AMERINDIAN PEOPLES ASSOCIATION (APA) PRESS RELEASE: The APA Has Never Called for a “State within a State” but Instead Respect for Indigenous Rights

Recently and even more than before there has been a spate of letters appearing in the Guyana Chronicle leveled at criticizing the work of the Amerindian Peoples Association (APA) and making totally false and malicious statements and assertions about the organisation and its Vice President Tony James. These include ones written by Noel Antone (June 6), Patrick Austin (June 9) and Peter Persaud (June 12). Letters such as those above have been given ready publication by the Chronicle but when the APA has responded to provide the truth, our letters or releases are never published by the paper.

Indigenous peoples’ rights violated and traditional lands in Guyana threatened by mining

At the beginning of 2013, indigenous peoples in Guyana are becoming increasingly alarmed over continuing and growing disregard for their legitimate rights by miners and government agencies and gross rights violations which have been endorsed by the judiciary in two recent cases. In 2012, the mining lobby publicly attacked indigenous peoples’ land rights in the Guyanese press and pledged to oppose recognition of customary lands. Meanwhile, the government agency responsible for regulating the mining sector appears to be accelerating the issuance of mining permits and concessions on Amerindian customary lands, despite the fact that these same lands are the subject of legal actions in the courts seeking recognition of traditional ownership rights and/or unresolved village applications for land title and title extensions.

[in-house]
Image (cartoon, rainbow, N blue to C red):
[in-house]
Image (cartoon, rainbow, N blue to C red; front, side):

Views of FPP partners on Rio+20 summit

Forest Peoples Programme and a delegation of indigenous peoples’ leaders from Guyana, Suriname, Peru, Panama and Kenya attended the Rio+20 Indigenous Peoples’ International Conference on Self-Sustainable Development and Self-Determination from 17-19 June and the formal Rio+20 intergovernmental meeting from 20-22 June 2012.

Opiniões dos parceiros do FPP sobre a Cúpula Rio +20

O Forest Peoples Programme e uma delegação de líderes indígenas da Guiana, Suriname, Peru, Panamá e Quênia participaram da Conferência Internacional Rio+20 dos Povos Indígenas sobre Autodeterminação e Desenvolvimento Sustentável, realizada entre 17 e 19 de junho, e da cúpula intergovernamental formal da Rio +20, realizada entre 20 e 22 de junho de 2012. Os delegados também participaram da reunião Karioca II, da Cúpula dos Povos, e estiveram envolvidos com o Dia de Ação Global no dia 20 de junho.

Depois de uma semana intensa, tomada por entrevistas coletivas, apresentações, marchas e participação em reuniões oficiais e eventos paralelos, o FPP pediu aos delegados indígenas que comentassem sobre as suas experiências na Rio+20 e outras questões relacionadas à mesma. Apresentamos alguns trechos dessas entrevistas:

Press Release: Indigenous peoples insist on rights-based approaches and respect for traditional knowledge and practices in Rio+20 outcomes